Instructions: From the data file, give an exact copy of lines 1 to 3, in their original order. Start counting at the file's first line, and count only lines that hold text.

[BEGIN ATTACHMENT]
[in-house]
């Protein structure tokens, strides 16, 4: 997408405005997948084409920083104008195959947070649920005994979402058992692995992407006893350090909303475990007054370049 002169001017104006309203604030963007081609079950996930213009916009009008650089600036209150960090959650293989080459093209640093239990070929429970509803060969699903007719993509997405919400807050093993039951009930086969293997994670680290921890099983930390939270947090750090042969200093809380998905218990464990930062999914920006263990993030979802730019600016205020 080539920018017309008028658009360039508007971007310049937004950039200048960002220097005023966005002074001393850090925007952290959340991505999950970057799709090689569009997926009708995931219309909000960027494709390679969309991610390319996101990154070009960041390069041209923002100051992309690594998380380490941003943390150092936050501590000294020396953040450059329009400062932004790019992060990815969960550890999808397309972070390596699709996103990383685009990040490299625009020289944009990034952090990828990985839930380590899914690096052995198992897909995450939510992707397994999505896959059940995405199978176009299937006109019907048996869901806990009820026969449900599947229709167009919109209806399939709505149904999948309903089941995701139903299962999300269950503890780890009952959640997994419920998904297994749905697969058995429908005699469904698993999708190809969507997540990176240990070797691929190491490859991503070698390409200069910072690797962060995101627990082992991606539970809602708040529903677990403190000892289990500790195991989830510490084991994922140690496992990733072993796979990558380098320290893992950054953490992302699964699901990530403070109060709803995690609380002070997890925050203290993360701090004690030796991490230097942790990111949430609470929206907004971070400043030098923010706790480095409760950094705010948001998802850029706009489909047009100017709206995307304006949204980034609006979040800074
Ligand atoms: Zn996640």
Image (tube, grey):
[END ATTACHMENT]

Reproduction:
[in-house]
């Protein structure tokens, strides 16, 4: 997408405005997948084409920083104008195959947070649920005994979402058992692995992407006893350090909303475990007054370049 002169001017104006309203604030963007081609079950996930213009916009009008650089600036209150960090959650293989080459093209640093239990070929429970509803060969699903007719993509997405919400807050093993039951009930086969293997994670680290921890099983930390939270947090750090042969200093809380998905218990464990930062999914920006263990993030979802730019600016205020 080539920018017309008028658009360039508007971007310049937004950039200048960002220097005023966005002074001393850090925007952290959340991505999950970057799709090689569009997926009708995931219309909000960027494709390679969309991610390319996101990154070009960041390069041209923002100051992309690594998380380490941003943390150092936050501590000294020396953040450059329009400062932004790019992060990815969960550890999808397309972070390596699709996103990383685009990040490299625009020289944009990034952090990828990985839930380590899914690096052995198992897909995450939510992707397994999505896959059940995405199978176009299937006109019907048996869901806990009820026969449900599947229709167009919109209806399939709505149904999948309903089941995701139903299962999300269950503890780890009952959640997994419920998904297994749905697969058995429908005699469904698993999708190809969507997540990176240990070797691929190491490859991503070698390409200069910072690797962060995101627990082992991606539970809602708040529903677990403190000892289990500790195991989830510490084991994922140690496992990733072993796979990558380098320290893992950054953490992302699964699901990530403070109060709803995690609380002070997890925050203290993360701090004690030796991490230097942790990111949430609470929206907004971070400043030098923010706790480095409760950094705010948001998802850029706009489909047009100017709206995307304006949204980034609006979040800074
Ligand atoms: Zn996640």